It's possible, but nobody is expecting agreements that ambitious to come out of this summit.

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AUDIE CORNISH, HOST:

For centuries, governments around the world have treated sexual violence as an unpreventable fact of war. Books from the Bible to "The Iliad" talk about rape and pillaging as an inevitable part of conflict. That attitude is beginning to change.

As evidence, take the global outrage when hundreds of Nigerian girls were recently kidnapped. Or you can look at a conference that began in London today, the biggest global meeting ever to address the problem.

NPR's Ari Shapiro has the story.

ARI SHAPIRO, BYLINE: A few years ago, Karen Naimer was in Congo when she saw something unusual - it was a mobile court that moves from one place to another bringing justice to remote villages. Naimer is with Physicians for Human Rights, where she directs the program on sexual violence in conflict zones.

KAREN NAIMER: So we were in this small town of Kahele, and 19 female survivors came. And they were waiting for their day in court.

SHAPIRO: Two militia members were on trial, accused of holding 400 women in the bush as sex slaves for a year. Women showed up with babies they had born in captivity. Naimer sat with the victims as they waited to testify.

NAIMER: And what was so striking to me as I spoke with them quietly was their deep desire to face their perpetrators and to demand justice.

SHAPIRO: Most people who've been sexually assaulted in war never get that opportunity. Susan Bissell is UNICEF's global chief of child protection.

SUSAN BISSELL: Very, very few perpetrators are held to task for the violent acts they commit. And it's really only in the last few years that the world is waking up to these things.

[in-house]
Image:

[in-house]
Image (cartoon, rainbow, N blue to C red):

SHAPIRO: For a long time, people treated rape during conflict with a shrug saying it's just part of war. But now the U.N. has begun to document the problem to understand just how widespread it is. Last year, many countries signed on to a commitment to end sexual violence in conflict. And groups like Physicians for Human Rights are training local doctors in war zones how to take evidence of rape that can later be used in trials. Here's Bissell of UNICEF.

BISSELL: I think that part of the challenge here when we think about war is sort of, like, anything goes. Well, no, actually there are proper rules of engagement in the context of conflict. This does not fall within the category of acceptable behavior.

SHAPIRO: Researchers are also starting to study the issue more. And they've learned that sexual violence is not a universal fact of war.

Carol Cohn directs the Consortium on Gender, Security and Human Rights at UMass, Boston.

CAROL COHN: Now that we've been studying it, we see things such as conflicts in Eritrea, Sri Lanka, Guatemala or El Salvador, where one side uses sexual violence - in that case it would be the state military forces - and the insurgent groups on the other side don't use it at all.

SHAPIRO: Researchers have also learned that sexual violence in a conflict may not be just a military tactic. Sometimes troops do use it to terrorize and control a population. Other times, individuals act out amid chaos. As the U.S. military has discovered, people may even sexually assault their fellow service members.

The conference that started today in London is the first time so many people have gathered in one place to address these issues. There's a lot of excitement surrounding this meeting, and most everyone agrees it is overall a good thing. But some, including Professor Cohn, wonder how much will actually get accomplished.

COHN: If states chose to take sexual violence really seriously, they could develop international protocols that treat sexual violence in war, for example, the way we treat the use of chemical or biological weapons. That's something that is possible to do.

SHAPIRO: Possible, but nobody is expecting international agreements that ambitious to come out of this summit. Ari Shapiro, NPR News, London.

CORNISH: And we will have more ALL THINGS CONSIDERED right after this. Transcript provided by NPR, Copyright NPR.